Maintenance of Mitochondrial Morphology by Autophagy and Its Role in High Glucose Effects on Chronological Lifespan of Saccharomyces cerevisiae

School of Biotechnology and Biomolecular Sciences, University of New South Wales, Sydney, NSW 2052, Australia.
Oxidative Medicine and Cellular Longevity (Impact Factor: 3.36). 07/2013; 2013:636287. DOI: 10.1155/2013/636287
Source: PubMed


In Saccharomyces cerevisiae, mitochondrial morphology changes when cells are shifted between nonfermentative and fermentative carbon sources. Here, we show that cells of S. cerevisiae grown in different glucose concentrations display different mitochondrial morphologies. The morphology of mitochondria in the cells growing in 0.5% glucose was similar to that of mitochondria in respiring cells. However, the mitochondria of cells growing in higher glucose concentrations (2% and 4%) became fragmented after growth in these media, due to the production of acetic acid; however, the fragmentation was not due to intracellular acidification. From a screen of mutants involved in sensing and utilizing nutrients, cells lacking TOR1 had reduced mitochondrial fragmentation, and autophagy was found to be essential for this reduction. Mitochondrial fragmentation in cells grown in high glucose was reversible by transferring them into conditioned medium from a culture grown on 0.5% glucose. Similarly, the chronological lifespan of cells grown in high glucose medium was reduced, and this phenotype could be reversed when cells were transferred to low glucose conditioned medium. These data indicate that chronological lifespan seems correlated with mitochondrial morphology of yeast cells and that both phenotypes can be influenced by factors from conditioned medium of cultures grown in low glucose medium.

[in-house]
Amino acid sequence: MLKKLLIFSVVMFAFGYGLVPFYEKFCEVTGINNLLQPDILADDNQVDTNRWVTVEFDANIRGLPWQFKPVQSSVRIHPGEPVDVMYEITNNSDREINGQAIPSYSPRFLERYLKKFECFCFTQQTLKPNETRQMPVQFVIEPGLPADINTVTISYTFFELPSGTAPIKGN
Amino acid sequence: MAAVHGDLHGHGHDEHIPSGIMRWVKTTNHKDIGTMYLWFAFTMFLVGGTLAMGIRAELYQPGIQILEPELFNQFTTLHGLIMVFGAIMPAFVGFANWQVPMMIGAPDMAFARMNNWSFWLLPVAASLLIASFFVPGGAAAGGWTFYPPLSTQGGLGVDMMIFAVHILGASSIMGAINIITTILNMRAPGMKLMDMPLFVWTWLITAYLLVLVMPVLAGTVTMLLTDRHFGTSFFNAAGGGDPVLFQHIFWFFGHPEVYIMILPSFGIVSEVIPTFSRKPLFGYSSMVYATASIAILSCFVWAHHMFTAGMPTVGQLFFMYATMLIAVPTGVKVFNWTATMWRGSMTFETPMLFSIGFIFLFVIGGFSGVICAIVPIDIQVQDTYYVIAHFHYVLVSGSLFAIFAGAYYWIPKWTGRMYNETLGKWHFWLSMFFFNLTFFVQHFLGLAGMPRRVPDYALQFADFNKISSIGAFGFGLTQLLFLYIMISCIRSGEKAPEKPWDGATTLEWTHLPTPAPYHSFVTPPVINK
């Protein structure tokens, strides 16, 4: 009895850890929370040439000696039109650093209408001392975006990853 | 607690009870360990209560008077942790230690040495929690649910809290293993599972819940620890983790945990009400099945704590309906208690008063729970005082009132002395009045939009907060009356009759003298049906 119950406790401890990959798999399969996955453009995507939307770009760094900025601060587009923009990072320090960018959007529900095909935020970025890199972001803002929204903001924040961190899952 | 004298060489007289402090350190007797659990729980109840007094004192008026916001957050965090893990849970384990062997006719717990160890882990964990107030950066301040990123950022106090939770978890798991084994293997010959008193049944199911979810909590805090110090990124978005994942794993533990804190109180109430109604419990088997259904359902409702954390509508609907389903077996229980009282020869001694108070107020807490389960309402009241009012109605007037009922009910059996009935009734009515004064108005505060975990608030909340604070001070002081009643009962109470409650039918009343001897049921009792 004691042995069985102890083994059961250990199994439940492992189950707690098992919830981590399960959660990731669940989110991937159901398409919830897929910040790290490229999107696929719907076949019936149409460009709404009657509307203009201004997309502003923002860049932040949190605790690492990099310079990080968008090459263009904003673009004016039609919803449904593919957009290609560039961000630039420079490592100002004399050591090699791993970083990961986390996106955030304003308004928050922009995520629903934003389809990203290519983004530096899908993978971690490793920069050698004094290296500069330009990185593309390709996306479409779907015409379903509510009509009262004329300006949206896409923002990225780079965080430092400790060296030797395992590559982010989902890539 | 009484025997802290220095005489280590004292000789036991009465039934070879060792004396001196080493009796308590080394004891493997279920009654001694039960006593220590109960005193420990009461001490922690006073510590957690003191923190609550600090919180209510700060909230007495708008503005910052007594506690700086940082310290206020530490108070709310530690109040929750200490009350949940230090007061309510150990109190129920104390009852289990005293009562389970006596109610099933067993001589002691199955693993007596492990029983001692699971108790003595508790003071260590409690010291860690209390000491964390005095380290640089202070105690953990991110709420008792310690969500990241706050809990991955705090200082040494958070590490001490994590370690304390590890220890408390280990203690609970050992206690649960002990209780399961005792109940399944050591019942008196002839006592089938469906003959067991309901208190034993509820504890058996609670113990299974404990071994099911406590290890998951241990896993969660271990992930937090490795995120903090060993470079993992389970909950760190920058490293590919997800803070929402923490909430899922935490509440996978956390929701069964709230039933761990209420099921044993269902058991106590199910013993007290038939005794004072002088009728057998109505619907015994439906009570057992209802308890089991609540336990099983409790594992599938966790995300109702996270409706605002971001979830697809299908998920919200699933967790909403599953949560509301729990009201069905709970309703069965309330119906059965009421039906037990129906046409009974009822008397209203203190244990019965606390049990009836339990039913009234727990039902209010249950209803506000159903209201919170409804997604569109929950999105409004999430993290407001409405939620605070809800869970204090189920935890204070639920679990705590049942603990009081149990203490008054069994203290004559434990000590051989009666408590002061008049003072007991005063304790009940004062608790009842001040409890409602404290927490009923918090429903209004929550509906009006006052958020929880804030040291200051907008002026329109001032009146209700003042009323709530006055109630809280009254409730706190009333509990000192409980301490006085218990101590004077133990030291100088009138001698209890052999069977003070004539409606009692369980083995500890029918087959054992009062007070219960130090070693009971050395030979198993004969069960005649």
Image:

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Available from: Mark Rinnerthaler, May 02, 2014
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